Piriformis Syndrome

What is Piriformis Syndrome?

It is a neuritis of the sciatic nerve due to irritation or compression by the piriformis muscle. The piriformis muscle is one of the external rotators of the hip joint that crosses over the sciatic nerve in the buttock. Other names for this condition are pseudosciatica, wallet sciatica, hip socket neuropathy and deep gluteal syndrome. It is a poorly understood condition that is often overlooked in patients suffering from sciatica.

Clinical Presentation:

Occasionally piriformis syndrome presents as an acute injury following a twisting injury of one leg while the patient is carrying or lifting in an awkward position. It can also result from direct and prolonged pressure over the muscle as in sitting with a hard object in the back pocket of a trouser (wallet sciatica). The most common presentation however is that of chronic leg pain unrelated to any specific injury, with the duration of symptoms ranging from months to years. Pain is the predominant symptom, commonly extending from the buttock only as far as the knee, ankle or heel. When sensory disturbances are present these usually involve multiple dermatomes, rather than specific dermatomes as seen in a radiculopathy. Actual numbness and weakness are however rare findings on examination. The SLR test is generally negative. Pain may be reproduced by resisted abduction or adduction of the flexed and internally rotated hip joint. Tenderness over the sciatic is usually present and most patients report that sitting exacerbates their pain and that it is relieved by walking. On rectal or vaginal examination pressure with the finger tip over the muscle just medial to the ischial spine may be intensely painful. The symptom patterns and physical examination findings therefore differ significantly from those in patients with spinal causes for their symptoms.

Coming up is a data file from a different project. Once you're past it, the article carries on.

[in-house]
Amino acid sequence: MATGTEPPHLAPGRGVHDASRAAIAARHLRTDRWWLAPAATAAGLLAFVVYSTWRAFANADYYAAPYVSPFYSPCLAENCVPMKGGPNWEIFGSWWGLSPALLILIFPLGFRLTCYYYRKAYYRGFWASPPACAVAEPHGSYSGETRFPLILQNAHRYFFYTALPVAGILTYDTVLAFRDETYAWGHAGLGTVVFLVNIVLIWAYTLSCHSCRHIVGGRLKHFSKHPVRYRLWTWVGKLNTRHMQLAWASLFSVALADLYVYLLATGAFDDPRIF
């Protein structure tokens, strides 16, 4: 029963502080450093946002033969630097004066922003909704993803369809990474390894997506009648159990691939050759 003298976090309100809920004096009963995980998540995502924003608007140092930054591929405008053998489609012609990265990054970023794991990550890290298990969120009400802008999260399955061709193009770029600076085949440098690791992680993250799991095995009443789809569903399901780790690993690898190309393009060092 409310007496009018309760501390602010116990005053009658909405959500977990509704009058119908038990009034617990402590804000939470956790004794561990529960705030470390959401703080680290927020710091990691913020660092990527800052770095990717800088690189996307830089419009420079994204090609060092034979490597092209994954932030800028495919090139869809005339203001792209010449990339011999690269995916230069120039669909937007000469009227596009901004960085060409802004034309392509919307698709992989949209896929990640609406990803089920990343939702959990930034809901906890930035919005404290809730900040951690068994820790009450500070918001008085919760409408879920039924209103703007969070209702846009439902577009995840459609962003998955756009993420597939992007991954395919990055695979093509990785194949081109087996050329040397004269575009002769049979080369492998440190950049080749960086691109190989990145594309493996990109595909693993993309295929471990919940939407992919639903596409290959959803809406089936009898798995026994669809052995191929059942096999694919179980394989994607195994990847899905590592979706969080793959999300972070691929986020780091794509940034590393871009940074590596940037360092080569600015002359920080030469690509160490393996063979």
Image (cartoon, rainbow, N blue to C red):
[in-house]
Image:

Diagnostic Tests:

The MRI is the most useful diagnostic tool available to make the diagnosis when a soft tissue pelvic MRI is performed. Typical MRI findings are hypertrophy and edema of the piriformis muscle as well as edema or hyperintensity in the sciatic nerve at that level. The MRI is also important to exclude other more serious conditions, such as tumours of the sciatic nerve itself , that can mimic piriformis syndrome. Where MRI is not available hypertrophy of the piriformis muscle can also be identified with a high quality CT scan of the pelvis.


Conservative treatment consists of rest, physiotherapy with stretching exercises and anti- inflamatories. These measures are more likely to be useful where piriformis syndrome is as a result of an acute injury. Other measures include injections of cortisone and local anaesthetic into the piriformis muscle itself under CT or open MRI guidance. Where these injections relieve the symptoms they also confirm the diagnosis. Botox injections have also been used to treat this condition. Surgery is indicated in patients who show an initial response to the injection of cortisone and local anaesthetic into the piriformis muscle but then have a recurrence of their symptoms. During surgery an incision is made in the buttock and a section of the piriformis muscle is excised thereby relieving the pressure on the sciatic nerve. Where the diagnosis has been correctly established pre-operatively, the outcomes after surgery are generally good

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